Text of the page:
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New Technology Reveals Ancient Carvings in Alabama


Alabama’s native American history was recently highlighted with the news that new technology, hi-tech 30 photogrammetry, has enabled scientists to photograph and piece together ancient carvings known as mud glyphs on the ceiling of Cave #19 Unnamed Cave, so described to protect the site location.


This newly developed process has allowed largely obscured ceiling drawings to be rendered visible. Archeologist Jan Simek and photographers Stephen Alvarez and Alan Cressler spent arduous hours crawling through low-ceilinged areas of the cave and using special photographic equipment to capture 16,000 pictures that overlap to map the cave ceiling. Caves were considered sacred places, and the artwork is found in the deepest and darkest part of the cave. The images depict giant humanoid figures, as well as serpents, insects, birds, abstract shapes, and swirling lines. It is estimated that the drawings were created during the Midland Woodland Period (500 BC – 1100 AD).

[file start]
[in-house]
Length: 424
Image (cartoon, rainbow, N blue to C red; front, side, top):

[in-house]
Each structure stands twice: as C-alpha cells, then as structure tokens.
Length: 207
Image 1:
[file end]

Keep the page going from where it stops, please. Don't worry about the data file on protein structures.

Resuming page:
You can view the story of how Cave 19 was explored and photographed by reading Alabama Cave Reveals Mysterious New Images Traced by Ancient Hands at www.al.com. While Cave 19 is located in northern Alabama, not in the Wiregrass, it is indicative of the centuries-long native American habitation of Alabama.


For enlightening and entertaining stories about Creek history in the Wiregrass, check out Wiregrass Chronicles – Long Rows to Hoe and Wiregrass Chronicles – Bluebirds, Sharpshooters, and the Lure of Faraway Places.



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